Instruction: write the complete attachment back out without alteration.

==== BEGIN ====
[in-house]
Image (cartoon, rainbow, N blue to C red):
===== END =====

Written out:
[in-house]
Image (cartoon, rainbow, N blue to C red):